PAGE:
These sketches were gathered together onto model sheets to show personality attitudes.

The ape triplets are very much Three Stooges-like Larry, Curly, and Moe

Sunday, November 6, 2011

Forms and Forces By Master Animator Bill Tytla #2

I never cease to enjoy looking at Bill Tytla's work.

Here are some rough poses of Grumpy being washed by three other Dwarfs (Bashful, Sneezy, and Sleepy). These drawings are of pure forces affecting form. The choreography of the interaction between the four characters is amazing. Study these well. This is pure Motion Capture here.

These drawings appeared in the December 1978 issue of CARTOONIST PROfiles as illustrations for Grim Natwick's article about Bill Tytla, who had passed away ten years earlier on December 29, 1968 at the age of 64.

Pose A

Pose B

Pose C

Pose D

Pose E

Pose F

Pose G

Friday, October 28, 2011

The Difference Between Being Influenced By and Copying Someone Else's Work

No artist develops in a vacuum. From the moment we open our eyes, we are affected by what we see and feel. Some things attract us in a pleasing way, while others repel us. It is natural for us to want to grow close to and possess that which pleases us. As artists learning to crawl creatively, we naturally copy the work of those we like. Copying another artist's work develops your hand and eye coordination, which (in traditional 2D animation) is essential in being able to understand how to follow a character model sheet and keep your poses "on model".

The danger is that sometimes copying becomes a crutch which some young artists never throw down...and that cripples your creative growth.

Study the why's and how's of your favorite artist's work. Imitate that artist as a young bird would imitate its parents' flapping of their wings... but learn those lessons and principles that make for pleasing design, so that you can soar on your own into new territories...and not trudge along the well worn paths that were created in the past.

Pleasing designs are created by universal truths...and audiences are always interested in a fresh take on universal truths.

Friday, October 21, 2011

Forms and Forces By Master Animator Bill Tytla

Here are some rough poses of Dopey slapping water out of his ear. These are drawings of pure forces affecting form. Based on frame by frame study of the finished scene, this is a cycle where the last drawing hooks up to the first with 3 inbetweens.

These drawings appeared in the August 1970 issue of CARTOONIST PROfiles as illustrations for I. Klein's article about his friend Bill Tytla, who had passed away on December 29, 1968 at the age of 64.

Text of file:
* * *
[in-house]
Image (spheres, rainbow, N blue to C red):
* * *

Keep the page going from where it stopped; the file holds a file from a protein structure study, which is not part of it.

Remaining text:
Dopey Pose 1

Dopey Pose 2

Dopey Pose3

Dopey Pose 4

Dopey Pose 5

Dopey Pose 6. Hooks up to Pose 1 with three (3) inbetweens.

Friday, October 14, 2011

Motion Capture Is NOT Animation

Calling the process of Motion Capture "animation" is like calling tracing a photograph onto a sheet of paper "freehand drawing."

Using Motion Capture (or Performance Capture) is basically 21st Century rotoscoping. I don't call this's special effects. The process of taking the movement of a live actor's performance and transferring it to a design created in computer, is basically no different than encasing something that already has been recorded with a layer of effects to enhance its appearance.

Animation is feeling the movement within one's self and imparting it to a design through your pencil, stylus, or fingers.

Motion Capture is just a new form of tracing...on film instead of on paper. Yes, the technician layering a graphic design over the frames of Motion Capture has to manipulate the design at times...but that is the same as adding an effect, not creating the performance from scratch.

Animating is creating from scratch the physical performance one sees on the screen. Just as a live actor does, an animator feels the emotion within him/herself, then projects those feelings as a performance on paper or the computer screen.

Okay, I open the floor to you for your comments.

Saturday, October 8, 2011

Thumbnail Timing #1

Here is an example of how I will do a basic run though of a scene between two characters.